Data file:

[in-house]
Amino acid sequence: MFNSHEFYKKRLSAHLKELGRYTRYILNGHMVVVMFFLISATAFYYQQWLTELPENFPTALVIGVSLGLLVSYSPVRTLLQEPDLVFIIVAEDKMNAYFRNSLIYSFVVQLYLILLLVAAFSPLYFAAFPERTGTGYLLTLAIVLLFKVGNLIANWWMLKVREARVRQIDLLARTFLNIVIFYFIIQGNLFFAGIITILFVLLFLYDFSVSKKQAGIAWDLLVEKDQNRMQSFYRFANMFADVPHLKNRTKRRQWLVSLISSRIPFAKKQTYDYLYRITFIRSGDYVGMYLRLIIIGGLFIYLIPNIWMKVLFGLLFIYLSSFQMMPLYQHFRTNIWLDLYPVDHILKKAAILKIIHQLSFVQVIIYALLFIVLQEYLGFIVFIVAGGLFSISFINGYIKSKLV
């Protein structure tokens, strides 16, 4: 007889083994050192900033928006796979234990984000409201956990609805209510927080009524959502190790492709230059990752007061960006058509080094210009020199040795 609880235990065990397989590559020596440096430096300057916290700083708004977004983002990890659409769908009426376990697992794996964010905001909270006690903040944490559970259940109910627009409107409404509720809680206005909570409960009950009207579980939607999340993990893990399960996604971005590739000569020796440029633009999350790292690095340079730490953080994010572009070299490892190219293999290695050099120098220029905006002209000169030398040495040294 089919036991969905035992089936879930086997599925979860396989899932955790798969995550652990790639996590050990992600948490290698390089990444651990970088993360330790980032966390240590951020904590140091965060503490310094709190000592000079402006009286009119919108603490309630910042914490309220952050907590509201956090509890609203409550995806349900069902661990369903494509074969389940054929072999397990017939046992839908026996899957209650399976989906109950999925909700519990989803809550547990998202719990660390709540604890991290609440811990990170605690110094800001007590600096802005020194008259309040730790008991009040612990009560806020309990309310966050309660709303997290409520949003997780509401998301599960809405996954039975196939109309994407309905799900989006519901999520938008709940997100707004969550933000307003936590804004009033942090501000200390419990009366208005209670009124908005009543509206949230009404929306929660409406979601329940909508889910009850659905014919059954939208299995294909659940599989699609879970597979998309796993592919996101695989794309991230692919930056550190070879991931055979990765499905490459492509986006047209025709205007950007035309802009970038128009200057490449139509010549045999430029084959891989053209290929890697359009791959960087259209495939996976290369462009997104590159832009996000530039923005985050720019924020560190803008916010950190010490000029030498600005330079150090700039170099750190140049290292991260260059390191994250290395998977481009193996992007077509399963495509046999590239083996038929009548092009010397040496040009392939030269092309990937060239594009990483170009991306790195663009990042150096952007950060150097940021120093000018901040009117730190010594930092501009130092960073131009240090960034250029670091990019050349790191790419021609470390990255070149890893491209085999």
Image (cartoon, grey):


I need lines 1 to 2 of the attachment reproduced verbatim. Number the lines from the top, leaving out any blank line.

[in-house]
Amino acid sequence: MFNSHEFYKKRLSAHLKELGRYTRYILNGHMVVVMFFLISATAFYYQQWLTELPENFPTALVIGVSLGLLVSYSPVRTLLQEPDLVFIIVAEDKMNAYFRNSLIYSFVVQLYLILLLVAAFSPLYFAAFPERTGTGYLLTLAIVLLFKVGNLIANWWMLKVREARVRQIDLLARTFLNIVIFYFIIQGNLFFAGIITILFVLLFLYDFSVSKKQAGIAWDLLVEKDQNRMQSFYRFANMFADVPHLKNRTKRRQWLVSLISSRIPFAKKQTYDYLYRITFIRSGDYVGMYLRLIIIGGLFIYLIPNIWMKVLFGLLFIYLSSFQMMPLYQHFRTNIWLDLYPVDHILKKAAILKIIHQLSFVQVIIYALLFIVLQEYLGFIVFIVAGGLFSISFINGYIKSKLV